Carmen 72 – Liefde of haat?
Dicebas quondam solum te nosse Catullum,
Lesbia, nec prae me velle tenere Iovem.
dilexi tum te non tantum ut vulgus amicam,
sed pater ut gnatos diligit et generos.
nunc te cognovi: quare etsi impensius uror,
multo mi tamen es vilior et levior.
qui potis est, inquis? quod amantem iniuria talis
cogit amare magis, sed bene velle minus.
Eens zei je dat je alleen Catullus kende, Lesbia, en dat je in plaats van mij Jupiter niet in je armen wou houden. Toen hield ik van je, niet slechts zoals de eerste de beste van zijn vriendinnetje houdt, maar zoals een vader van zijn zonen en zijn schoonzonen houdt. Nu heb ik je door, ofschoon ik daardoor harder brandt, toch ben je voor mij minder waard en van mindere betekenis. Hoe dat mogelijk is, zeg je? Omdat zo'n verraad een minnaar dwingt nog mer te beminnen, maar minder goed te menen.
This poem picks up 70 (just as 71 picks up 69), not least through Catullus's repeated
(though significantly varied) citation of Lesbia's preference for him (as a
lover this time rather than a husband) over Jupiter. What Lesbia is apostrophized
as having said in the past ("solum te nosse Catullum") is syntactically ambiguous
Latin: is she supposed to have meant (as I take it) that only Catullus understood
her, that only she understood Catullus, or even that either was the only person the
other understood (J anan 1994, 89)? Did Catullus mean to imply all these alternatives
(which the translator into an uninflected language, alas, cannot)? On top of
this, the psychology is both subtle and puzzling. The contrast (5-8) between sexual
attraction (which can be sharpened by infidelity) and affection (which behavior
such as Lesbia's kills through disgust) is beautifully done. But despite the commentators'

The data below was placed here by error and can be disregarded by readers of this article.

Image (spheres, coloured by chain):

best efforts (see, e.g., Fordyce 1961, 362-63 and Lyne 1980, 40-41),
the likening by Catullus of his love for Lesbia to that of a father for his sons, or
for his daughters' husbands, cannot but raise eyebrows, since Catullus's passion,
as has been made clear throughout, is highly sexual in content. As Wiseman (1985,
166) says, "What did Aurelius and Furius (poem 16) make of that?"
Catullus may be (in one sense he certainly is) trying to separate sex from affection
in his mind, and isolate what, for him, makes his relationship with Lesbia
unique and special. In an unpublished paper written as a graduate student, Robert
Holschuh Simmons of the University of Iowa points out how hard Catullus had
to work to find a relationship "to capture a feeling that he has for Lesbia that
would not be invested by readers with sexuality;" as he says, "Catullus's poems
confirm or suggest incest, or at least sexual activity, between mothers and sons,
fathers and daughters, brothers and sisters, nephews and aunts, nephews and uncles
and fathers-in-law and daughters-in-law." This obsession needs further exploration
(see, e.g., Hickson-Hahn I998): there is surely more to it than the simple
smear technique of political invective postulated by Skinner (2003, 86,
90-91, and elsewhere). Simmons sees 74 as "the common person's response,
both right and wrong, to the revolutionary ideas about love that Catullus proposes
in 72," and I find this very persuasive. The immediate impression, however-
even granted that Catullus is attempting to explore new emotional territory
(Lyne 1980, 40 )-still remains not only naive, but downright embarrassing
in its awkwardness.